Saturday, August 21, 2010

Looking Back on a Day of Jelly Making

Clouds
Think of the cooling shadows of summer which benevolent Nature spreads over her darling forests and gardens.....summer shadows of wonderful depth and brilliancy like the wings of a mother bird over her young."
~John Muir~ from a journal, 1913?~
This is what we woke up to this morning....
We have not had clouds in our skies for a while and to wake up this morning and see this... well, it kind of made my day. All the technical reasons for this summer sky, with words like "fronts" and "lows" and "relative humidity", just pale in comparison to the beauty of standing outside looking up into a sky like this. I, of course, grabbed my camera.
So, it's a good thing that I saw this before I heard the Prospector say, "If you think that's amazing, look at this." I turned around to see this...
A huge branch of our beautiful Flowering Pear tree had broken away from the trunk and the wonderful limb that has shaded our kitchen window and patio for the last few years was resting on the front porch roof.
So, instead of writing my post about the amazing Jelly Making endeavor, I spent the morning helping my husband cut and remove this huge branch that decide to fall. not during a storm or massive winds, or from some accidentental UPS diver that didn't stop soon enough. Oh no!
Sometime during the calm and beautiful night this tree limb just decided to take a dive for no apparent reason other than gravity. I'm very glad that the limb landed on the porch roof and not on my kitchen garden window, with all the McCoy pottery in it. In fact...no damage was done at all, except for a few cuts and scrapes on the two old farmhands (that would be us) that spent the morning doing something that they had not expected to do.
I think it looks much cleaner and I'm glad it didn't fall on anyone sitting in it's shade....like me.... with my ice tea, enjoying my well deserved rest yesterday afternoon after making jelly.
See how nice it looks...
 We lost a good amount of shade but it's a lot safer.
Ok, on to the jelly making.....

 I first want to say that without a website called Pick Your Own, I would have probably floundered more miserably at my first foray into making jelly. These are the most precise directions I have ever seen and I needed PRECISE directions. I think that this website is even better than having my husband's grandmother right there in the kitchen with me.
I loved ya Vannie! You showed me how to use lettuce cores instead of throwing them away and you taught me not to whine about things; which stuck like gum on the bathroom ceiling until gravity let it fall. You didn't live long enough to see this computer revolution but you would be amazed at the information that can be found.
Even the Sure Jell directions didn't explain this process as well as Benivia at Pick Your Own. I just want everyone to know that she leaves nothing to guess at....she even has pictures. She has prices and where to find everything you need.  She made it look easy. Now, that's where I think she failed me.
I have made Jam lots of times. I just make a batch of Strawberry jam a few weeks back. Jam is easy. Jelly is easy once you get to the "cook it and put it in the jars" part. I don't want to bore you with details but I probably will. I just want to say that 5 lbs of fresh grapes does not always equal 5 cups of grape juice. Mushing the grapes with a potato masher looks easy in theory but it's a bear and .... the juice does not FLOW through the jelly strainer. It sits there and looks at you. It takes an hour, with a spoon, not 20 minutes. Benivia called it "decanting" the clear liquid. I call it a mess.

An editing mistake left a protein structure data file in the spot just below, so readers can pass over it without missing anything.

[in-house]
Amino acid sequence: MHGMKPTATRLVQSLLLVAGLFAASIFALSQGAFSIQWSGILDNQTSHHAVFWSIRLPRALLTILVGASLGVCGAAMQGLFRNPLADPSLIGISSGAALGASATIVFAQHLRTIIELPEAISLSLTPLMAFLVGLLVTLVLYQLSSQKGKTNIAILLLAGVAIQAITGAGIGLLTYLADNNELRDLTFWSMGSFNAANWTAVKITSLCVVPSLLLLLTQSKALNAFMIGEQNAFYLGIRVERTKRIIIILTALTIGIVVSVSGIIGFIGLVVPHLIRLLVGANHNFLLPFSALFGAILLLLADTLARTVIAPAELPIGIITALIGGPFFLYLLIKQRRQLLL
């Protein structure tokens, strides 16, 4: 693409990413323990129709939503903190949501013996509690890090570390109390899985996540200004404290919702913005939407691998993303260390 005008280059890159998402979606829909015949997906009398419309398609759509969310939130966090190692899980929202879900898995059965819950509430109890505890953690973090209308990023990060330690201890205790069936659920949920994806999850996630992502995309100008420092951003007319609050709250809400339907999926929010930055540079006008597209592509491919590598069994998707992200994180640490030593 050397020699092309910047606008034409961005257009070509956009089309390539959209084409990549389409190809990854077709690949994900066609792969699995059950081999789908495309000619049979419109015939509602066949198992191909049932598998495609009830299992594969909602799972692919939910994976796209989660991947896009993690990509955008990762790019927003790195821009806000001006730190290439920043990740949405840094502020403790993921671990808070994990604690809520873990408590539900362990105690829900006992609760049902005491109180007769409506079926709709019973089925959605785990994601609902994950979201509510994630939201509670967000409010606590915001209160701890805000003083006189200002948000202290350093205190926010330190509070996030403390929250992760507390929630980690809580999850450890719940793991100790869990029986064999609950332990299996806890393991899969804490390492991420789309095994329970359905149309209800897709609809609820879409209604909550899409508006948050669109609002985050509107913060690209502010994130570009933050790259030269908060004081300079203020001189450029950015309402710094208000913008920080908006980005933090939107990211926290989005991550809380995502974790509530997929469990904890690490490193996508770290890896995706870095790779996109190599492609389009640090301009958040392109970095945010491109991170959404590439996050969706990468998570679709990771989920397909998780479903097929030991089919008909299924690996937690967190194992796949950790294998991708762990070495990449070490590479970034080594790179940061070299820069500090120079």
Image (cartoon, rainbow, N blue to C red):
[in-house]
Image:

Now I know why women wore aprons all the time. They made serious messes....for serious domestic goddess jobs.
That might as well be blood on my foot. I feel like I sweat blood over all of this... but it's just some crushed grapes that decided to leave the debacle in the kitchen while they still had a chance. I know, I should have shoes on but I love being domestic in my bare feet. Sorry Vannie. I know it's just not fittin'.
So I finally got enough juice to make the jelly... and yes, I squeezed the bag.
Benivia said that I could stop after this step. I could even finish the next day. That was tempting but I didn't want to get tartrate crystals in my jelly and have to strain the damn juice again. It was lunchtime and I needed to eat something. I went straight for the Ben & Jerry's Coffee Heath Bar Crunch ice cream.
After "lunch" I added the dry pectin (with about 1/4 cup of the sugar) and cooked the juice over medium to high heat in a BIG pot. Do you think the pot was big enough?
Because I used the "no sugar" pectin I only had to use 4 cups of sugar instead of 7 cups. But you still have to use sugar in the "no sugar" pectin. That's weird. Benivia says it tastes better. Well, yes. Everything tastes better with sugar in it...especially Jam and Jelly. These are the mysteries of making jelly that confuse me. Why would it say "no sugar" if you still have to put sugar in it. and....she says that she,"... never has success using NO added sugar with the no-sugar pectin." What?
I followed the directions and added 4 cups of sugar and even though I need to work on controlling the MESS...
I finally got the Jelly in the jars and processed those little guys....
Cleaned up the kitchen....
....at least 3 or 4 times.
Did you know that you have to process things longer at higher altitudes? I didn't. In fact, and here comes a confession, I usually don't process my jam at all. I just ladle the hot jam into the hot sterile jars, put the sterilized lids and rings on, invert them and wait for the lid to "pop". I will process from now on, for 10 minutes, just to be safe. It said that if you live between 1001ft. - 6000ft. (I'm on the low end of the range) you should boil them for 10 minutes. Of course the water took that long to re-boil once I got the jars in the water, so I may have done it for 20 mins. or so.... but they are PROCESSED.